While a caregiver’s home may not be a literal circus, there are days it certainly feels like a caregiver is a Master of Ceremonies for a 3-ring stage for sure. Juggling the home functioning, the ever-changing emotions of foster/adoptive children, supporting biological children, maintaining self-care, tackling all the various appointments required for children in care, workers coming in and out of the home… and SO MUCH PAPERWORK. This is because each family member is not an isolated unit within the home. The triumphs and struggles of each family member affect the unit as a whole. For this reason, though the film does not directly address Foster Care, Dumbo (2019) can be used as a useful discussion tool to help foster children talk through the multi-faceted subject that is reunification as well as how one person’s struggle is actually the whole family’s challenge and can be tackled together.

Discussion Points:

  • Reunification
    One of the most heartbreaking moments of the film was watching Mrs. Jumbo be sold and Dumbo being left behind. The emotion can only be matched by the joy in seeing Dumbo and Mrs. Jumbo reunited by the end of the film. For various reasons the children in our care are brought into the child welfare system, and upon reunification, it is up to the parents and children to work together and use their newfound resources and supports to learn to live together again and form a stronger bond than before removal. While reunification can be a joy (such as for Dumbo and Mrs. Jumbo), as we see with Holt and the children, reunification can also be hard and require a lot of time and work to adjust successfully. This movie can help children talk through some of the unexpected challenges (along with the joy) “going home” can bring.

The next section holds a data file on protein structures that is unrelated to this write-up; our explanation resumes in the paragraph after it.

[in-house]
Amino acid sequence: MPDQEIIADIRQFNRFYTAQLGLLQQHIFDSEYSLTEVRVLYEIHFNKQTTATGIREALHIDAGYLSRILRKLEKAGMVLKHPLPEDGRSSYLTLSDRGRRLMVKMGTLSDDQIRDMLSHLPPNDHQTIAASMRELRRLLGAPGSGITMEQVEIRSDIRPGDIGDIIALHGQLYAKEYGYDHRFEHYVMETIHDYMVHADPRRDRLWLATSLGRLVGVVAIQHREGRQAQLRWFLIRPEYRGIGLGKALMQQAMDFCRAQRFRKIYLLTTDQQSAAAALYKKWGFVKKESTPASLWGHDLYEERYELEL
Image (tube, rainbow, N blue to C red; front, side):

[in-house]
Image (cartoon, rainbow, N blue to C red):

• Family Systems Dynamics
    Often when we go through a struggle we feel alone, isolated in the pain and struggle. However, even though only the individual goes through a primary trauma, the rest of the family can experience the effects of secondary trauma exposure, meaning experiencing trauma from residing with a traumatized individual. Knowing that a family is affected by each individual can help a child feel less alone but also help a foster family wrap around as a support for the child without being pulled under by intense emotional swells. Annie Farrier’s death affected each member of the family intensely and uniquely, but Holt and the children were able to come together in the struggle to support one another and forge a stronger bond than before upon realizing they no longer had to suffer through the pain of loss alone.

Cautionary Points:

  • Overall Mature Tone
    Caregivers, at this point we all know that just because something is animated (or Disney), that does not mean that the story will automatically be happy and sunny. However, this film has much less whimsy to balance intense emotional plot compared to the 1941 film. The film also may be too mature for younger children to understand and enjoy, so it is advised to think about a child’s developmental level as well before viewing the movie with younger family members.
  • Traumatic Separation of Parent and Child